Privacy Policy

Sunday, 30 August 2009

Thank you for visiting pigpigscorner.com. Your privacy is important to us, as such, this privacy policy sets out how Pig Pig's Corner uses and protects any information that you give while using this website.

Should we ask you to provide certain information by which you can be identified when using this website, then you can be assured that it will only be used in accordance with this privacy statement.

Pig Pig's Corner may change this policy from time to time by updating this page. You should check this page from time to time to ensure that you are happy with any changes. This policy is effective from September 1, 2010.

What we collect

We may collect the following information:
  • Contact information including email address when you register to receive emails or comment on the website.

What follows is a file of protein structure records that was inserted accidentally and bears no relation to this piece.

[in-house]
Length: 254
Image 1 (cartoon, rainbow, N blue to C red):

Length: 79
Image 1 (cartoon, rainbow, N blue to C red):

• Tracking information collected as you navigate through the website. This information includes, but is not limited to, IP addresses, browser details, timestamps and referring pages.
What we do with the information we gather

We require information collected to understand your needs and provide you with a better service, and in particular for the following reasons:

  • We may use the information to verify your identity, to check your qualifications, or to follow up with transactions initiated on the site.
  • We may also use your contact information to inform you of any changes to Pig Pig's Corner, or to send you additional information about Pig Pig's Corner.
We will not share your personal information with any third parties without your consent, except as necessary to provide you with the services offered by us or to comply with the law.

Security

We are committed to ensuring that your information is secure. In order to prevent unauthorised access or disclosure, we have put in place suitable physical, electronic and managerial procedures to safeguard and secure the information we collect online.

Comment system

Pig Pig's Corner may include interactive forms such as comments. Please remember that any information that is disclosed in these areas becomes public information and you should exercise caution when deciding to disclose your personal information.

How we use cookies